Wisdom Seeking Wisdom
Dharma Discourse by John Daido Loori Roshi
Xuansha Hears the Sound of a Swallow”
Featured in Mountain Record 27.1, Fall 2008
The Main Case
Xuansha was informally addressing his monastics when he heard a swallow singing. He said to the assembly, “This is the profound dharma of real form. It skillfully conveys the essence of the true teaching.” He then descended from the teaching seat.
A monastic asking for an explanation said, “I don’t understand.”
Xuansha said, “Go away. No one will believe you.”
If you wish to understand the truth of this koan, you must understand that Xuansha’s “This is” is not referring to the swallow that is teaching the profound dharma of real form, nor is it referring to Xuansha, who teaches the profound dharma of real form. Then what is it pointing to? Real form is all dharmas as they are. “As they are” is neither sentient or insentient, form nor emptiness, being nor nonbeing. They are the inexpressible moment, thus!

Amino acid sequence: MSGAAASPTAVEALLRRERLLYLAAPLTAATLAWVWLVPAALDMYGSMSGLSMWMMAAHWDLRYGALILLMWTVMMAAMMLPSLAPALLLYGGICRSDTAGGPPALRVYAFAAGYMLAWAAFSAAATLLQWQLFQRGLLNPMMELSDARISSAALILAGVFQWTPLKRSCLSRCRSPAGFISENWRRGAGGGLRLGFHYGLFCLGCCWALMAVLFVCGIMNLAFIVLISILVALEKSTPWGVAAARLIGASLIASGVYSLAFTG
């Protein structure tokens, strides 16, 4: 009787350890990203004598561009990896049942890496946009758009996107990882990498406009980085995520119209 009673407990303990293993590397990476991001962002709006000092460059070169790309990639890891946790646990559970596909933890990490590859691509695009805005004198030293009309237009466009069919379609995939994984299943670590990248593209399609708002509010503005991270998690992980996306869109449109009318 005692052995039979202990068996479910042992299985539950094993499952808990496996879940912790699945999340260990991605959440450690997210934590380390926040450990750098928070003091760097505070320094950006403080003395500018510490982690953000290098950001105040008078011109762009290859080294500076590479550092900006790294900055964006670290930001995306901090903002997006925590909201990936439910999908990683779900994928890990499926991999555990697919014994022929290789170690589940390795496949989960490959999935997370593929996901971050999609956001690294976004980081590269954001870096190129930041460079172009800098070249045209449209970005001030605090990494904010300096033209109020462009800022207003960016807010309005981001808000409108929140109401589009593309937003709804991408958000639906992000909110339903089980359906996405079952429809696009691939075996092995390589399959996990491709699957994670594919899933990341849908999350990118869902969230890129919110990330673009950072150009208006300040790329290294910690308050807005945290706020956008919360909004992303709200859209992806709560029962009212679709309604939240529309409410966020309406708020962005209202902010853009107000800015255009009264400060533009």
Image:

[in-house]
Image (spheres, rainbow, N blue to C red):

Be that as it may, what is the meaning of Xuansha’s descending from the teaching seat, the monastic’s “I don’t understand,” and the master’s “Go away. No one will believe you”? Keep in mind that even if this monastic had said, “I understand,” Xuansha would still have had to say: “Go away. No one will believe you.” Why is this so?
The Capping Verse
A jewel, shining bright —
there are absolutely no flaws.
Sacred and mundane, just as they are,
Xuansha, a successor of Xuefeng, had spent many years living as a fisherman on the Nantai River. He left lay life to enter monastic training in his mid-30’s—a rather late age for those days—at a temple on Lotus Mountain. He was ordained and went on to carry on various ascetic practices, fasting for long periods of time and wearing only a patched robe and a pair of straw sandals. All the other monks thought he was very unusual and called him Ascetic Bei.
It is said that Xuansha was awakened one day upon reading the words of the Surangama Sutra. After he left Xuefeng he moved to Xuansha Mountain and remained there for the next thirty years. He was a dharma brother of Yunmen, also a successor of Xuefeng. Two important schools of the five houses of Zen came out of Xuefeng’s lineage: the Yunmen School and, from Xuansha, the Fayan School. Therefore, Xuansha was a key figure in the history of Buddhism.